Teen Dating

Dating violence isn't an argument every once in a while or a bad mood after a bad day. Dating violence (or relationship violence) is a pattern of violent behavior that someone uses against a girlfriend or boyfriend. Abuse can cause injury and even death, but it doesn't have to be physical. It can include verbal and emotional abuse--constant insults, isolation from friends and family, name calling, controlling what someone wears--and it can also include sexual abuse. It can happen to anyone, at any age, regardless of race, religion, level of education, or economic background. Dating violence also occurs in same-sex relationships.

Download our Teen Dating Violence Brochure

Teens!  Get Involved - Join STAR
(Students* Tackle* Abusive* Relationships)

Did you know? - Statistics on teen dating violence
Safety in an abusive relationship
Safety when leaving an abusive relationship
What can you do? How to help a friend

Did You Know...

Physical and sexual abuse against adolescent girls in dating relationships increases the likelihood that the girl will abuse drugs and/or alcohol, develop an eating disorder, consider and/or attempt suicide, engage in risky sexual behavior, and/or become pregnant.

1 in 3 teenagers experiences physical violence in their dating relationships.

Hitting your girlfriend or boyfriend is a crime; just like robbery or rape--it's against the law.

40% of teenage girls ages 14 to 17 report knowing someone their age who has been hit or beaten by a boyfriend.

Violent relationships begin at an average age of 15.

Safety in an abusive relationship
If there is an argument in a residential environment, try to be in a place that has an exit and stay out of the bathroom, kitchen, or rooms that may contain weapons.

Know where exits are (at school, home, his house, etc.). Identify which doors, windows, elevator, or stairwell to use.

Identify one or more safe people who will call the police if you need help.

Devise a code word or sign to use with family, friends, teachers, and neighbors when you need them to call 911 for help from the police.


Safety when leaving an abusive relationship
Keep Genesis Women’s Shelter & Support's 24-hour hotline number 214.946.HELP (4357) and some change or a calling card with you for emergency phone calls.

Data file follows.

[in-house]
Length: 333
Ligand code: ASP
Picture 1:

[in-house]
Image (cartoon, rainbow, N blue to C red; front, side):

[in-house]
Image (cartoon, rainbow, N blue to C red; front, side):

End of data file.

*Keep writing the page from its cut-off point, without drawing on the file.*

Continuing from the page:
Change all social media passwords. Block partner’s ability to post to social media websites.

Change cell phone number.

Identify a friend at school whom you will inform of your situation. Inform the school security if applicable. You may also want to
provide them with a picture of your partner in the instance he harasses you at school.

If you are at the same school, can you change class times, schedules, or routes to class? Can you have lunch at a different time?

Let the principal, counselors, teachers, nurse, and friends know. The more people who are watching out for you, the safer you are.

Have someone walk with you to your car and to classes. Ride to school with a friend or family member. 

Minimize your time spent alone following this break up.

Lock your windows and change locks on your doors as soon as possible after discussing with your family.

Develop a safety plan with your family for when you are not with them.

Inform neighbors that you are no longer dating your partner, and ask them to call the police if they see him near your home.

What Can You Do?

Helping Your Friends...

DO:  Help your friends. Make sure they know they are not alone.
DO:  Listen without judging. They may feel responsible, ashamed, inadequate, and afraid.
DO:  Tell them that it is NOT their fault.
DO:  Suggest they develop a safety plan. They need to know a safe place to run to, a support number to call, and who they can trust in an emergency.
DO:  Help them identify resources. Encourage them to take care of themselves, get emotional support, and build their self-esteem.
DO:  Encourage them to call for help. Genesis Women’s Shelter & Support has counseling and safety planning for teens in abusive dating relationships. Let your friends know there are people who can help.

Test Your Relationship
Dating Violence Quiz

Does Your Partner...
  • Embarrass you with bad names and put-downs?
  • Look at you or act in ways that scare you?
  • Control what you do, who you see or talk to, or where you go?
  • Stop you from seeing or talking to friends or family?
  • Take your money, make you ask for money, or refuse to give you money?
  • Make all the decisions?
  • Tell you you're a bad person?
  • Act like the abuse is no big deal, it's your fault, or even deny doing it?
  • Destroy your property or threaten to hurt your pets?
  • Intimidate you with weapons?
  • Shove you, slap you, or hit you?
  • Force or coerce you to have sex?
  • Threaten to break up with you?
  • Threaten to hurt you?

If you answered YES to even one of these questions, you may be in an abusive dating relationship. 
If you need to talk, call us.

24-Hour Hotline 
(214) 946-HELP(4357)
Support is free and confidential.


Genesis Women's Shelter & Support

4411 Lemmon Ave., Suite 201
Dallas, Texas 75219
Outreach: 214.389.7700
24-Hour Hotline: 214.946.HELP
Thrift Store: 214.520.6644
Genesis Women's Shelter & Support is a
501(c)(3) through
Shelter Ministries of Dallas

Copyright 2014 Genesis Women's Shelter & Support